really beautiful focus to shots and makes them looks extremely professional and realistic. For my digipak covers I used a manual setting on my camera, using a detachable LED light in the woods to make sure you could

the use of technology

was extremely important see the shot with a good amount of lighting and to make sure I didn’t have to drop the ISO too much. This meant the shots still came out effectively and were not blurry or too dark. For nearly all of my shots a tripod was also used which made my shots sharp and not shaky, when I did move I used my editing software to correct any footage which looked too shaky and again followed YouTube tutorials to find out more about the Warp Stabiliser tool and how to use it to make it look the most effective. Lighting was also key in the construction and editing of my music video, and I used a number of techniques to make this work including physical additional lighting and post production editing. I used Red Head lights with a filter of a red gel over them to increase the lighting in a number of my shots and in editing I was also to then add in shadow using the levels tool which I had previously used as ‘curves’ in Photoshop so found this easy to use. By having access to lights, it meant that I could have my ISO setting on the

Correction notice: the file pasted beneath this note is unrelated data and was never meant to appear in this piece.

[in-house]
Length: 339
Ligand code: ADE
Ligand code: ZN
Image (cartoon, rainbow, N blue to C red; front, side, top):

camera low and the quality is maximised and means the footage is not grainy or pixilated. All of the editing of my music video was completed on Adobe Premiere Pro CC edition, which is the copy I have on my own personal Macbook Pro. It is a timeline-based video editing software application and supports many video editing cards and plug-ins for accelerated processing, additional file format support, and video/audio effects. It is a native 64bit application for Mac and Windows making it one of the few cross-platform non-linear editing systems available. Premiere Pro also integrates with Adobe Photoshop which was one of the pieces of software I used when editing my photography for my digipak and magazine advert. Photoshop files can be opened directly from Premiere Pro to be edited in Photoshop. Any changes will immediately be updated when the Photoshop file is saved and focus returns to Premiere Pro. I also used Adobe InDesign to create the final digipak as this allowed me to add bleed lines and build multiple art boards for the work, allowing my to see visually how the design would look all together. On InDesign you are able to create alternative layouts, so when I produced the portrait version of my

any changes will be immediately be updated

when photoshop is saved magazine advert, I used this tool to make a landscape one too which allows it to be used and advertised in various ways and allowed me to automatically generate QR codes and social media icons which kept my products